James Blunt has attacked Labour shadow minister Chris Bryant after the MP criticised his posh upbringing.
James Blunt / Chris Bryant.
Privately educated "You're Beautiful" warbler James Blunt has become embroiled in a political row with Labour MP Chris Bryant after the politician said the arts world should not be dominated by privileged individuals.
The shadow culture minister said the arts world was too influenced by individuals such as "Eddie Redmayne and James Blunt and their ilk". The comments were made in an interview with The Guardian published this weekend in which he also called for a "meritocratic system" where anyone can get involved in the arts, not just those from wealthy backgrounds.
Bryant added: "Sometimes it is just saying to arts organisations: What are you actually doing to extend your reach here, or is everyone just going to be an arts graduate from Cambridge?"
But Blunt, who attended Harrow School, didn't take kindly to this. He has now responded with a calm and measured response, which can be read in full at The Guardian.
Dear Chris Bryant MP,
You classist gimp. I happened to go to a boarding school. No one helped me at boarding school to get into the music business. I bought my first guitar with money I saved from holiday jobs (sandwich packing!). I was taught the only four chords I know by a friend. No one at school had ANY knowledge or contacts in the music business, and I was expected to become a soldier or a lawyer or perhaps a stockbroker. So alien was it, that people laughed at the idea of me going into the music business, and certainly no one was of any use.
This goes on for quite a while.
And he finishes with a flourish:
I got signed in America, where they don't give a stuff about, or even understand what you mean by me and "my ilk", you prejudiced wazzock, and I worked my arse off. What you teach is the politics of jealousy. Rather than celebrating success and figuring out how we can all exploit it further as the Americans do, you instead talk about how we can hobble that success and "level the playing field". Perhaps what you've failed to realise is that the only head-start my school gave me in the music business, where the VAST majority of people are NOT from boarding school, is to tell me that I should aim high. Perhaps it protected me from your kind of narrow-minded, self-defeating, lead-us-to-a-dead-end, remove-the-'G'-from-'GB' thinking, which is to look at others' success and say, "it's not fair."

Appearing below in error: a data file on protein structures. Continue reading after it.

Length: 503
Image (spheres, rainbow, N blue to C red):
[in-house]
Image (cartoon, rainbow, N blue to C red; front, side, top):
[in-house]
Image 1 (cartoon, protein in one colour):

James Cucking Funt
Bryant later replied, even admitting to buying one of Blunt's albums.
If you'd read the whole of my interview, you'd have seen that I make the point that the people who subsidise the arts the most are artists themselves. Of course that includes you. But it is a statement of the blindingly obvious that that is far tougher if you come from a poor family where you have to hand over your holiday earnings to help pay the family bills.
I'm delighted you've done well for yourself. But it is really tough forging a career in the arts if you can't afford the enormous fees for drama school, if you don't know anybody who can give you a leg up, if your parents can't subsidise you for a few years whilst you make your name and if you can't afford to take on an unpaid internship.
Where will it end?
Jim Waterson is a politics editor for BuzzFeed News and is based in London.
Contact Jim Waterson at firstname.lastname@example.org.
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